Most developers (hopefully) have heard of  S.O.L.I.D. principles and the principles of Object Orientated Design.  The best place to start is with Uncle Bob’s Principles of OOD

Below is the Uncle Bob’s list of the S.O.L.I.D. principles with links to his articles on the subject.  The first five principles are focused on class design

SRP The Single Responsibility Principle A class should have one, and only one, reason to change.
OCP The Open Closed Principle You should be able to extend a classes behavior, without modifying it.
LSP The Liskov Substitution Principle Derived classes must be substitutable for their base classes.
ISP The Interface Segregation Principle Make fine grained interfaces that are client specific.
DIP The Dependency Inversion Principle Depend on abstractions, not on concretions.

Many developers have heard of the SOLID principles, fewer developers understand the principles and even fewer put them into practice when creating their plugin/custom workflow code.

You might think CRM development doesn’t need to implement OO principles because plugins are small focused pieces of code.  This view is has resulted in plugin code consiting of poorly written, complex code and explains the lack of reusable code generated by CRM projects.

Code being re-used in CRM projects is seen as often as big foot – Hosk

Common attributes of CRM projects (in my experience)

  • The number of classes is minimal in CRM projects
  • Classes and methods doing more than one thing
  • Most projects have no unit testing and the code would be hard to test due to complexity
  • The S.O.L.I.D principles rarely  implemented
  • Almost no code reuse, even in the same project between plugins

Projects with the characteristics above have little/no code reuse and contain an abundance of technical debt which makes supporting them difficult.  All interaction with the code will take longer and longer.

Code Interaction is

  • reading/understanding
  • debugging
  • extending

Why does poor plugin code get created

I have seen many many many plugins written where all the code is included in the plugin.  This blog is about poor class design but putting all the code in a plugin is not even designing a class.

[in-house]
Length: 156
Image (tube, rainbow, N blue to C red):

Putting the code in the plugin and creating one big method is poor coding and results in

confusing complex code which is hard to understand
Very hard to unit test a plugin
zero code reuse

Complex plugin code with poorly designed code leads to these problems

  • debugging is difficult and takes longer
  • bug fixing is difficult and takes longer
  • No unit tests means refactoring is difficult and often avoided

The bottom line is the project which becomes a legacy project and developers try to interact, change and extend the code as little as possible.

Explanations for poor plugin code

Below I will discuss the reasons why I believe poor code gets created most of the poor code could be avoided with code reviews.

Junior developers

Some plugin code is written by junior developers who didn’t apply the principles for designing and structuring classes and methods.   The blame should not be placed on the junior developer, the reason why this code is still in the project is because their is lack of code reviews in CRM development.   A code review would have picked up the poor code and the code would have been rewritten with some guiding advice on the areas to improve.

Poorly skilled developers

There are some developers who don’t enjoy being a developer and they have no passion for developer or pride in what they create.

If you don’t enjoy doing something you are not likely to devote much time improving your skills (despite it being their main source income)

They are different from junior developers because often these developers are quite experienced (in terms of years of development experience).

Developers who have not heard/read about OO Principles

Some developers believe if you write code and it does what is required then that’s all that matters.

Many developers believe designing the code to OO principles, creating classes and methods are not needed and don’t.

This will create the code which delivers the functionality but any further interaction with the code is difficult.


The quality of CRM Developers contractors is about 60 percent good, 40 percent bad.  I don’t blame the individual contractors because they work to the agreed and existing levels.  If unit tests are not part of the development process then they don’t get written.